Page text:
Inside the MS-3
After removing all of the feet and the screws under them, I had to be careful of the ribbon cable and went ahead and disconnected it so you could see inside of both halves of the MS-3.
Verifying what the specs chart said there sure are Omron switches used inside of this mouse. This will ensure long life and many clicks before these switches would fail.
Again, Omron switches are found for both the left and right click buttons, and then there are lower grade switches used throughout for the rest of the functionality. What strikes me a bit odd is the PCB mounted in the scroll wheel.
Come to find out, after removing the screw and gently lifting the board off the stems, you can see this is just so that there was a place to put the LED that will later illuminate the scroll wheel.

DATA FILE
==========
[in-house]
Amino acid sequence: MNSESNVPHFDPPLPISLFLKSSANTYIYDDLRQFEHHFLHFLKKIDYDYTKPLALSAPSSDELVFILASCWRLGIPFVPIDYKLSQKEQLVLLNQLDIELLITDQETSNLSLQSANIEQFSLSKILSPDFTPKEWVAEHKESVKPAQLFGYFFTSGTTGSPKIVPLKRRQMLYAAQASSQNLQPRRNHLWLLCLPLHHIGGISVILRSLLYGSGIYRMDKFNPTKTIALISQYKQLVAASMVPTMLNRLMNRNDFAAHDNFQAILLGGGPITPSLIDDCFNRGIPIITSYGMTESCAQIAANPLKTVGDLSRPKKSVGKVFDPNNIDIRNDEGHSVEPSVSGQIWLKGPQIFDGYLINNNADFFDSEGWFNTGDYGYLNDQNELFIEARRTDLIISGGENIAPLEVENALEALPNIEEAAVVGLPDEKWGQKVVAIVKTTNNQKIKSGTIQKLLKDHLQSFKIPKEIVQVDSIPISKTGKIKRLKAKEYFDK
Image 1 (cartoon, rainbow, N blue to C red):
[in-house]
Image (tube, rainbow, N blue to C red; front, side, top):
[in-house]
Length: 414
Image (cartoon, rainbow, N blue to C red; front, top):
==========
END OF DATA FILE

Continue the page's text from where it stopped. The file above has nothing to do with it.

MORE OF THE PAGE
Here we have the control center of the MS-3. With Weltrend chips in place to control things going in and out of the mouse to the PC and vice versa along with the 512kb memory IC.
Here we have the Avago ADNS 9500 laser sensor. Currently the second best offering, only to be outdone by the 9800. Honestly I can appreciate the use of this sensor since I cannot control 8200 DPI anyways - the max of 5670 DPI set with this mouse is plenty for me.
I had to completely remove the PCB to get a look at the mute button since it was soldered to the bottom. You can see the button is more of a long paddle that reaches in to this super thin switch.
With the mouse now back together I powered it up to show the default lighting scheme. The Instant Aim button has a ring that illuminates. It is currently orange like the rest, but can be customized to anything you desire.
The other part of the customizable lighting system is the one found in the scroll wheel that allows the white rings to now be the color of the LED we saw inside of it.
The three orange lines seen here are denoting that I am set to the highest of three DPI levels. These lights will always be orange; no matter how the other two lights are set.